With 24 candidates in the fray, the triangular contest is bipolar inside. Though pinching each other for one or the other thing, JKNC and the PDP are contesting against the 2019 decision-making, reports Masood Hussain

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After retaining Kashmir as part of its genetic makeup for decades and getting its ideation into action once the party got adequate numbers in the Lok Sabha, the rightwing Bhartiya Janta Party (BJP) eventually skipped a contest in Kashmir. In central Kashmir, the Srinagar constituency that hugely changed after the delimitation “gerrymandering” felt the BJP’s absence. Its absence is being experienced as badly by the neo-converts to the party as the commoners feel it. “We would have won the Anantnag-Poonch while being in the real contest in Srinagar and Baramulla,” BJP Jammu and Kashmir president, Ravinder Raina told Kashmir Life. “We were ready but the party decided not to contest and we respect it.”

BJP presence, Kashmir’s old political pundits say, would have triggered a massive participation in a historic low-poll region but the ruling party preferred party over the larger goals.

BJP’s decision to stay away from the contest was announced by Home Minister, Amit Shah in Jammu who said the lotus bloom in Kashmir can wait and the party was more interested in winning the hearts. “He knew it that Kashmir is historically a lotus eater,” an NC worker said. “They knew the intense hate would be embarrassing for the party.”

Apni Party founder Syed Altaf Bukhari accompanied his candidate M Ashraf Mir to the Jamia Masjid in May 2024.

Raina admitted that even though the party does not contest on its symbol, the party exists in Kashmir. “I assure you that there is no possibility that a candidate wins without our support,” he asserted, admitting that they are supporting the “like-minded” and the “patriotic” parties.

The “like-minded” allies of the party are cautious enough to not being formally endorsed by the BJP. They require a benefit of the doubt, the political grapevine suggests. This piquant situation landed the BJP in a catch-22 situation. It is not contesting. Unlike in the rest of the country where it is the undoing of Article 370 that is being showcased as a major achievement, the party could not drum up any support for this slogan in Kashmir. Even the development bogey has hardly worked in Kashmir, historically.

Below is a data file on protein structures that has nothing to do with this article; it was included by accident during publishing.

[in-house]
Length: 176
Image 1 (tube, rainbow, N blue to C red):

Still, it intends to show its presence. Since its allies do not want it to support them publicly. The outcome was interesting: for symbolic reasons, the BJP workers came out in a well-protected cavalcade, telling “people” to vote for anybody other than the JKNC, PDP and Congress. The Congress is not in contest, unlike PDP and JKNC. This adds a new angle to Kashmir’s elections. “Once, some people campaigned against the elections and called for a boycott and now we have political forces seeking a selective boycott,” a college teacher observed. “What is the difference by the way? Is not it the same idea thrown upside down?”

A Wide Spread

Srinagar has too many candidates but the real contest is between JKNC’s Agha Ruhullah Mehdi and PDP’s youth leader, Waheed Parra. Business tycoon, Syed Altaf Bukhari’s post-2019 political venture, Jammu and Kashmir Apni Party has fielded Mohammad Ashraf Mir, a city resident, unlike the two biggies, and is expected to get the share of the drummed-up influence within and around the city.

It is too early to foresee how the electors would respond, but the voting patterns of the “new Srinagar” would seal the fate. Srinagar is no more the 2019 constituency that comprised the Budgam, Srinagar and Ganderbal districts. It now starts somewhere in Shopian, then moves through four assembly segments of Pulwama (erstwhile Anantnag constituency) and then gets into Budgam where it has three of the five constituencies (two have been added to Baramulla) and then it gets into its erstwhile territory.

The delimitation has not only doubled the length of the constituency’s spread but given it enough electors from diverse demography that even if Srinagar city retains its pre-2019 attitude towards the EVM, it would hardly make it roaring news. At the same time, however, it will make different ends of the constituency compete with each other so that if there is somebody slightly powerful at the centre of it, he can wrest the seat.

A Contest Within